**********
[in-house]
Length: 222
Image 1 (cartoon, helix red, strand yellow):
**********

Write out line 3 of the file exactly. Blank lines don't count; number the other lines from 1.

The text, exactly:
Image 1 (cartoon, helix red, strand yellow):